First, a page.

LLC vs. S-Corp: What’s the Difference?

As a small business owner, you have many important decisions to make — and whether you’re hiring qualified personnel, deciding on a brand strategy, or finding the best outsourcing resources to manage the workload professionally, you want your decisions to work for both your short and long-term goals and aspirations. However, none of these important decisions can be secured without a concrete understanding of your business’s fundamental structure. 

As you complete the first registration processes for your organization, you’ll need to compare the LLC and S-Corporation (S-Corp) structures. While these two options for smaller organizations are similar in some respects, they also differ in several important ways. In this article, we’ll define both of these models, explore their organizational and financial implications, and empower new companies to know which one best matches their specific goals and expectations. 

Basic definitions 

Before delving into the differences between the two most crucial small business identifiers, it’s important to understand each option at a basic level:

  • Limited liability companies, or LLCs, are comparably easier to establish and can be formed at any size — but they are most popular among family businesses, sole proprietorships, and partnerships. They are extremely flexible in terms of structure and can incorporate as many owners (called “members”) as needed. No member is personally liable for company-related lawsuits or debts. 
  • S-corporations, while also offering liability benefits, adhere to stricter legal requirements for ownership and operation. While S-Corp status is more difficult to acquire, it establishes more credibility among important stakeholders like investors and creditors compared to LLCs. 

Congress signed the Small Business Job Protection Act of 1996 as LLCs and S-Corps were just coming to the forefront of the commercial landscape. This legislation created equal opportunities for small businesses to compete with larger corporations, and clearly defined which owners should take advantage of S-Corp policies over those of LLCs and vice-versa.

Key differentiators 

The company structure that you choose can significantly impact several aspects of your annual proceedings — including tax rates, exposure to liability, and general operations. Here are the most important differences between the LLC and S-Corp structures that small businesses should consider before making their decision. 

Owner’s role 

Firstly, the term “owner” means different things in LLCs and S-Corps. While both are defined as decision-making roles, an owner’s relationship with the company differs depending on the company’s overall designation.  

LLCs may have an unlimited number of members that qualify as owners; however, a limit of 100 shareholders can claim ownership status within an S-Corp. These shareholders are presented legally as employees of the company instead of proprietors, as is the case in an LLC.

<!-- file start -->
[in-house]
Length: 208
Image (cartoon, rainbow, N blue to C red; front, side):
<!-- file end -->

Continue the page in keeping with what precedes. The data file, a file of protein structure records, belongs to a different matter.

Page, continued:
Additionally, S-Corps are restricted in granting subsidiaries or offering financial preference to certain shareholders, while LLCs are not similarly restricted. 

Tax reporting requirements 

Because of these different ownership classifications, tax reporting requirements also differ between LLCs and S-Corps. LLCs file a Schedule C (Form 1040) on the owner’s personal tax return or a Partnership Return if there are more than one owner (Form 1065), reporting profits and losses from the business as a whole, and the S-Corp files a separate tax return using Form 1120S on the company’s behalf. 

Tax impact

Finally, profits from both LLCs and S-Corps are subject to income tax. But all individual members of an LLC are also subject to other taxes, such as self-employment tax — which currently sits at 15.3 percent.. Because of these additional tax burdens, the ownership freedom that comes with LLCs is offset by the fact that they are comparatively more costly to manage than S-Corps.  

Financial service requirements 

Despite tax reporting and impact differences, bookkeeping requirements are relatively the same between LLCs and S-Corps. Both are state-filed separate legal entities, and both are required to file annual reports and pay yearly fees to maintain their registration. And at a base level, both LLCs and S-Corps must handle a wide range of bookkeeping responsibilities — including reconciling bank and credit card accounts, tracking loan information like principles and interests, creating and sending customer statements, creating balance sheets and other essential reports, and much more. 

Because of these similarities, your standard for bookkeeping services can remain consistent. CPAs are an excellent resource for both LLCs and S-Corps looking to outsource quality bookkeeping management because of their extensive data entry skills, familiarity with essential annual tax information, access to high-quality accounting software, and well-established quality control procedures. 

Quality financial management for any business structure 

As you continue to develop your business strategy, making use of outsourced financial services is one of the best ways to ensure your finances are professionally managed each quarter. Matt Brady, CPA, and the team at Chesapeake Growth Network offer unparalleled financial guidance for small businesses from Bowie to Annapolis in a wide variety of industries, including healthcare, construction, nonprofit organizations, professional services, and many others. 

To access premier bookkeeping, accounting, and tax preparation CPA services — along with quality financial advisors and attorneys — contact Chesapeake Growth Network for more information. In our next article, we’ll explore healthcare in retirement and the ins and outs of Medicare and Social Security.

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